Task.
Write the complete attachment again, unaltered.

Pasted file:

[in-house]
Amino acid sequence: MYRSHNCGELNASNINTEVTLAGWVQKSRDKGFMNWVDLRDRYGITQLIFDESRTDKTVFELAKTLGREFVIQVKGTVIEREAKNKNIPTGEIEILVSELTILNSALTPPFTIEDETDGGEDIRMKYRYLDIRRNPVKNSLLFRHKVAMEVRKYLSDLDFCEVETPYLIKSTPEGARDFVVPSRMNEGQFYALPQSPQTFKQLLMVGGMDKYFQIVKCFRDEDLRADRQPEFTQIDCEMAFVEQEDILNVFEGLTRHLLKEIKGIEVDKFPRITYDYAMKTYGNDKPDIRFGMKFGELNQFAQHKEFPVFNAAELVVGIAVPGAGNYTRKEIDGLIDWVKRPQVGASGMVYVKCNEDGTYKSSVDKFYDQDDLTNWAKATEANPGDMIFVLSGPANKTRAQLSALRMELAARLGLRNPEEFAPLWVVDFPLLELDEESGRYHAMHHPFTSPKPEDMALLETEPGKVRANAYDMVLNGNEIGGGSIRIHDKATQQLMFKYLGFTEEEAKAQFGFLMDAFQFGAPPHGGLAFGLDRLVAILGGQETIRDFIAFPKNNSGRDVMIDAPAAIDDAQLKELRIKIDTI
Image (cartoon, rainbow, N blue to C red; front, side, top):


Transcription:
[in-house]
Amino acid sequence: MYRSHNCGELNASNINTEVTLAGWVQKSRDKGFMNWVDLRDRYGITQLIFDESRTDKTVFELAKTLGREFVIQVKGTVIEREAKNKNIPTGEIEILVSELTILNSALTPPFTIEDETDGGEDIRMKYRYLDIRRNPVKNSLLFRHKVAMEVRKYLSDLDFCEVETPYLIKSTPEGARDFVVPSRMNEGQFYALPQSPQTFKQLLMVGGMDKYFQIVKCFRDEDLRADRQPEFTQIDCEMAFVEQEDILNVFEGLTRHLLKEIKGIEVDKFPRITYDYAMKTYGNDKPDIRFGMKFGELNQFAQHKEFPVFNAAELVVGIAVPGAGNYTRKEIDGLIDWVKRPQVGASGMVYVKCNEDGTYKSSVDKFYDQDDLTNWAKATEANPGDMIFVLSGPANKTRAQLSALRMELAARLGLRNPEEFAPLWVVDFPLLELDEESGRYHAMHHPFTSPKPEDMALLETEPGKVRANAYDMVLNGNEIGGGSIRIHDKATQQLMFKYLGFTEEEAKAQFGFLMDAFQFGAPPHGGLAFGLDRLVAILGGQETIRDFIAFPKNNSGRDVMIDAPAAIDDAQLKELRIKIDTI
Image (cartoon, rainbow, N blue to C red; front, side, top):